“Going for It,” According to the Bible

1 Cast your bread on the surface of the waters, for you will find it after many days.
(Ecclesiastes 11:1)

The idea of throwing bread on water only to find it again is clearly a most-unlikely circumstance. If you’ve ever ventured down to one of the ponds we have around Midland, you’ll find parents and grandparents throwing bread with their children out on the water. Of all the things they may have as expectations, the one they do not have is what is described here in verse 1, namely, of finding it again. Either the ducks are going to gobble it up or its going to disintegrate, eventually absorbing up so much water that it sinks and goes away. But they most certainly do not have a plan for finding the bread again, either somewhere downstream or of it ever coming back to them again.

Therefore it’s a strikingly curious statement: “Cast your bread on the surface of the waters, for you will find it after many days.” It’s precisely the unlikely nature of the statement that makes it so powerful. It is a reminder of what God is able to do. When we are prepared to take whatever he has entrusted to us of life, of talent, of resource, of time, and throw it out onto the water of life – the promise of God’s Word is telling us that it will return to us as per God’s design.

Now in very ordinary terms, verse 1 is saying that you will never see a return for an investment until there is first an investment. You only get out of life what you put into it.  If there are risks in everything, it’s better to fail in launching out than in simply hugging resources to ourselves. Far better to make a go of it, to “go for it,” and to see what will return.

It’s a call for Christian resourcefulness, a call to generosity. It’s not a unique call to the Old Testament. Indeed, Jesus had a great deal to say along these lines,

  • On one occasion, he says to His disciples, “Launch out into the deep!”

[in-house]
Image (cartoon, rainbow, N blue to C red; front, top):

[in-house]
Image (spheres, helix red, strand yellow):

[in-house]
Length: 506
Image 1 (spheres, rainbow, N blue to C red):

• He told the story of the master left resources with his servants, and one had multiplied it in one way, and one in another, but the one who received his rebuke was the individual who said, “I was afraid and I hid it in the ground.” Jesus tells us that we don’t want to be doing that.

So for example: we take money and we give it to the poor. Do we expect to ever see it again? No. But what does Solomon tell us in Proverbs 19:17,

“One who is gracious to a poor man lends to the Lord,
And He will repay him for his good deed.”

In other words, there is actually an investment factor in taking what is ours and casting it out upon the water:

  • In the sewing of the Word of God
  • In telling others about the nature of saving faith

It’s the same in teaching the Bible. Those of you who teach in any circumstance, whether large or small – preaching, Sunday school, your children in your own household – you sow the seed (Matthew 13:3-8). You throw your bread upon the waters, reminding yourself from Isaiah 55:11,

11 So will My word be which goes forth from My mouth;
It will not return to Me empty
without accomplishing what I desire,
and without succeeding in the matter for which I sent it.”
(Isaiah 55:11)

 

Leave a Reply

Fill in your details below or click an icon to log in:

WordPress.com Logo

You are commenting using your WordPress.com account. Log Out /  Change )

Google+ photo

You are commenting using your Google+ account. Log Out /  Change )

Twitter picture

You are commenting using your Twitter account. Log Out /  Change )

Facebook photo

You are commenting using your Facebook account. Log Out /  Change )

Connecting to %s